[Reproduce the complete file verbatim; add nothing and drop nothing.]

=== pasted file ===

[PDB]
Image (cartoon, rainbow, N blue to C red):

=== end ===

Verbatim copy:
[PDB]
Image (cartoon, rainbow, N blue to C red):